It's a code.
Hahaha, right, it's not exactly like the horrible book that became the movie with Tom Hanks and the evil person with albinism (which is a thing, obviously.)
You know what I mean: a) is for women who are dumb in one direction, b) is for women who are dumb in the opposite direction, c) is for women who can count and buy women's magazines and want to feel marginally better about their choices.
When you and your man go out for dinner, who pays the check?
a) I don't think women should touch money, as it discolors their beautiful fingers unless they wear gloves, like Scarlett O'Hara should have when she was trying to shake Rhett down for money when she went to visit him in prison.
b) I always pay, because bloody gender warfare scorched earth last womyn standing we live in communes like Ariel Levy wrote about.
c) Sensible something about who asked who and who makes more money and we take turns.
In the depths of history, as a girl with no disposable income and parents who used Wite-Out to remove the golliwogs from Enid Blyton and banned Barbies, I only had access to two kinds of magazines:
1. The December 1994 issue of Allure, which I bought after finding ten dollars on the floor of the Toronto train station, and read until it fell apart some years later (from memory: juice fasting, Christy Henrich, how to find discontinued perfumes in a pre-eBay world, and what you can use as an eyelash curler if you have an unexpected sleepover – spoon.)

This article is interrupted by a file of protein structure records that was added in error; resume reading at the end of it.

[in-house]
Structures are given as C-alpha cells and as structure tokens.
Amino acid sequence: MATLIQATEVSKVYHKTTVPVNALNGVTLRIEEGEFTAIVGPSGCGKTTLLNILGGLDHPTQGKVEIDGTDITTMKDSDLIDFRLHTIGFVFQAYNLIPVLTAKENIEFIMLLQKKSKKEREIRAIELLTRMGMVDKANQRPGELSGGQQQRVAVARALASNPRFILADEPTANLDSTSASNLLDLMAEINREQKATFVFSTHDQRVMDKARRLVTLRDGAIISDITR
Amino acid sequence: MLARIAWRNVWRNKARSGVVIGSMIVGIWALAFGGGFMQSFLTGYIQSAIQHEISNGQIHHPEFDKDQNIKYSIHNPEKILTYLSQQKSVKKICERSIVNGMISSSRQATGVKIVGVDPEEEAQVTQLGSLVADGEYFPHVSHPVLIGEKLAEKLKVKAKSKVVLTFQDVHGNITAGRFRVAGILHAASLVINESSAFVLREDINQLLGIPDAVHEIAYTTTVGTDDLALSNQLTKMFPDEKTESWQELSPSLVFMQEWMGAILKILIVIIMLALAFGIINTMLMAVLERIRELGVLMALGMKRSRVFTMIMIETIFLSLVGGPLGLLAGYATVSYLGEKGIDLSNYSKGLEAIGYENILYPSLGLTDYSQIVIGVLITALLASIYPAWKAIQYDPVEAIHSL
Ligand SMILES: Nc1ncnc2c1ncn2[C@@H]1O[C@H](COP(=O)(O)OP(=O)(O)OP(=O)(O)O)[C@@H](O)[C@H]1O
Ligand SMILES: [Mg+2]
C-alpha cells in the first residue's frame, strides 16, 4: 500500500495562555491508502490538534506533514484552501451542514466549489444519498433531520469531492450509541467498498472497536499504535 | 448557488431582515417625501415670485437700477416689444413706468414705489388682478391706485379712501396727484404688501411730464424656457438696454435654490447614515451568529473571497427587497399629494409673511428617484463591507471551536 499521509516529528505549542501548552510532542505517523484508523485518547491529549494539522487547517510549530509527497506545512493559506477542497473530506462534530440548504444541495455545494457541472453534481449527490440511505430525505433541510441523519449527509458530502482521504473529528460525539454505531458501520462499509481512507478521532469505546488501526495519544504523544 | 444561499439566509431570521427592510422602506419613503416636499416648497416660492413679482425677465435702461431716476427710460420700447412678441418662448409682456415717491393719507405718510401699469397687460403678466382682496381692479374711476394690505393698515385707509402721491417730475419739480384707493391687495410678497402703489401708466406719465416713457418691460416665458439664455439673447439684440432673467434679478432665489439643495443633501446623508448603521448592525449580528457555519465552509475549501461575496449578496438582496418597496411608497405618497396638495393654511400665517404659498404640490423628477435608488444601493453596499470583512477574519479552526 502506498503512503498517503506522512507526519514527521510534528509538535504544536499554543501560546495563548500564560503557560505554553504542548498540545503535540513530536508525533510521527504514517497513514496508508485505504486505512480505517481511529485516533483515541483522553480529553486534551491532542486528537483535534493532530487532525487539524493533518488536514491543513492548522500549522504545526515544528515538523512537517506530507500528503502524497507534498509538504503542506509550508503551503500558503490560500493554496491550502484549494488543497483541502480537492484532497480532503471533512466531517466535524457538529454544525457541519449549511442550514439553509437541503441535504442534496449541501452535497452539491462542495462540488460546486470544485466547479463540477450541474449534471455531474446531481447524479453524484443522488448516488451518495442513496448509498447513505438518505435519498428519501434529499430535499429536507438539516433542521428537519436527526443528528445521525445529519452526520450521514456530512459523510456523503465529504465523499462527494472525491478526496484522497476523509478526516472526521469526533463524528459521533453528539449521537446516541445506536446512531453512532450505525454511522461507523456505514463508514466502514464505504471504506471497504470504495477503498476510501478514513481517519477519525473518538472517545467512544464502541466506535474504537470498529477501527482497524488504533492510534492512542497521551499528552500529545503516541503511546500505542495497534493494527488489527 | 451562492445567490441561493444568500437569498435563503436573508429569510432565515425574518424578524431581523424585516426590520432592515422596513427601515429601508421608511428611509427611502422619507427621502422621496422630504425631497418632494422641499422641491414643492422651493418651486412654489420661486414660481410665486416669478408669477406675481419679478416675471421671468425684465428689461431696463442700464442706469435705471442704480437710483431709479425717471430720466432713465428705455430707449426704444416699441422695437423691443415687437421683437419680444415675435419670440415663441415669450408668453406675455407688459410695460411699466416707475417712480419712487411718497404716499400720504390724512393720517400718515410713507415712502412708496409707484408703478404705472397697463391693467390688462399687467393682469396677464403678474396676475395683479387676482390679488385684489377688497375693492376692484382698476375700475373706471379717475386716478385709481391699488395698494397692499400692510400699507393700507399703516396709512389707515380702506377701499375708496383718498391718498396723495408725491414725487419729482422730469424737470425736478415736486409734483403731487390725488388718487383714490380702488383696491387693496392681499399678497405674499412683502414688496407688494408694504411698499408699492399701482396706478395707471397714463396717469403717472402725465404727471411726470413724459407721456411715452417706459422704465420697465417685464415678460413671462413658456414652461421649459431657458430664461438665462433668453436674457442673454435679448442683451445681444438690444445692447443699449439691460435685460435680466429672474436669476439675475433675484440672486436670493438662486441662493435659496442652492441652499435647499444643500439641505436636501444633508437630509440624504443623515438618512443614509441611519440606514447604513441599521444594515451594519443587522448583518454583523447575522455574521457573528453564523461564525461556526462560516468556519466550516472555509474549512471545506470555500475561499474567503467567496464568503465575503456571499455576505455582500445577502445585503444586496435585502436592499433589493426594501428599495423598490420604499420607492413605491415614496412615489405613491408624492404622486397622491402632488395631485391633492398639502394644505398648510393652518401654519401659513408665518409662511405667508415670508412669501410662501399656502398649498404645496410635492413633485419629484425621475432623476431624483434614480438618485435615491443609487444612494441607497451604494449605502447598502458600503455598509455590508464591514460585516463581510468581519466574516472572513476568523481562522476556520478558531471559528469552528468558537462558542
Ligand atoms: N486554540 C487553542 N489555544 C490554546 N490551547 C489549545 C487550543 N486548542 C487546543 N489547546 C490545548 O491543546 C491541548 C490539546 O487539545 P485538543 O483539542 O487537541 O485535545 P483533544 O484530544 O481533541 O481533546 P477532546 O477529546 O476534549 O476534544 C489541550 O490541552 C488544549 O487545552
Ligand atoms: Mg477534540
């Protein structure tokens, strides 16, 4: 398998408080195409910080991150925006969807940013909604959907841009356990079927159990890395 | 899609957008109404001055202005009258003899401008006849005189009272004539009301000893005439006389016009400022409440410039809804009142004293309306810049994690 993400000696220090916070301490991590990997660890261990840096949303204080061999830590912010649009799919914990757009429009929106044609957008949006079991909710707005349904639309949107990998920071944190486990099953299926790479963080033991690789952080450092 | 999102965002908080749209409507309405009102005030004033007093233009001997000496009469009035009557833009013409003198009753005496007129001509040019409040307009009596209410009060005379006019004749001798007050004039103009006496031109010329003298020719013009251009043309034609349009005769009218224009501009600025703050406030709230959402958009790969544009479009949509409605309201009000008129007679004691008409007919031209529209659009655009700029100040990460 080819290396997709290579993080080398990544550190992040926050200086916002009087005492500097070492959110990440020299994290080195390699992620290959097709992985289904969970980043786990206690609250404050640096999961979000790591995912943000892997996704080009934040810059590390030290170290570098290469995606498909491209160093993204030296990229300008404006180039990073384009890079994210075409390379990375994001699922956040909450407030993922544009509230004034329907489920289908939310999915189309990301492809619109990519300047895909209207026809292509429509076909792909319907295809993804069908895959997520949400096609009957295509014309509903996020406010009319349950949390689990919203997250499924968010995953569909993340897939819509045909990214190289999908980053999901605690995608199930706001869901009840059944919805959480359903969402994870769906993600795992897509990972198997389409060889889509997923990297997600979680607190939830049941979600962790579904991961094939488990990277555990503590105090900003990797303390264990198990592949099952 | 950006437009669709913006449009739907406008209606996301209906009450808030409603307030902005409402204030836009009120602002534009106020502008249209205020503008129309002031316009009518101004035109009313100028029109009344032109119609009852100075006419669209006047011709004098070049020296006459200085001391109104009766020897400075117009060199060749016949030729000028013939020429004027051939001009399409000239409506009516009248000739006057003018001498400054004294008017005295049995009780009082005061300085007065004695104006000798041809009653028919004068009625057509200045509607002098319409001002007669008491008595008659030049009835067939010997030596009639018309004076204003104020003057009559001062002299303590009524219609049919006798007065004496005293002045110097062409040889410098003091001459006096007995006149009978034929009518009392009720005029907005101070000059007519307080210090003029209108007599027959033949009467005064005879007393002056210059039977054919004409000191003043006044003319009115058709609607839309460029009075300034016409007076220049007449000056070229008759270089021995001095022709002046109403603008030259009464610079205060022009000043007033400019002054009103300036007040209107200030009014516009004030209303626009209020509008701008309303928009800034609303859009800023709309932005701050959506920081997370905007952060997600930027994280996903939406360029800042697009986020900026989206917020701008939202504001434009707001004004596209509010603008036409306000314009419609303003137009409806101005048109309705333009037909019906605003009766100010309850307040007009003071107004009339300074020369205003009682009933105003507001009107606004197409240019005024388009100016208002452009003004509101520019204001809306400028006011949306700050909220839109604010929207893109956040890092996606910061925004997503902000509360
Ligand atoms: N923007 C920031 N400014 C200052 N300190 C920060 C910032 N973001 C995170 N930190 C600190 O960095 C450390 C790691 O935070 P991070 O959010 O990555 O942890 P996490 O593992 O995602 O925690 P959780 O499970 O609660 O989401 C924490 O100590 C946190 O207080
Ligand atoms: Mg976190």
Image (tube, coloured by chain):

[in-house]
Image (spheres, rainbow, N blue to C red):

2. Magazines I stole from my prettier cousin Erin. My grandmother liked to tell us that Erin was the pretty one, and I was the smart one, so you can imagine how well both of us did with that little tidbit of information. Erin had every single issue of YM, and had them arranged chronologically in bookshelves that wrapped around the bottom of her bed. I wanted to consume her and absorb her chicness through my esophagus.
And, in one of those delicious, purloined magazines, there was a quiz.
It was about exercise, which, since I was probably eight, was not super relevant to my interests, but the question was something like: "After you exercise, how sweaty are you?"
For which the three available responses were, verbatim:
a) "So dry you don't even need a shower."
b) "Super-sweaty and kinda gross."
c) "Totally sweat-city."
And, I feel like c) is probably the answer they were looking for, but I cannot tell the difference between the weird 1990s jargon of b) and c) to save my life, and have thought about it at least once a week since I read it, and will, perhaps, go to my grave wondering, even though now I subscribe to about eight women's magazines and keep them chronologically arranged in bookshelves in my guest room for my pretty and smart nieces to steal.
Is it better to be super-sweaty and kinda gross, or totally sweat-city?
Can you tell me?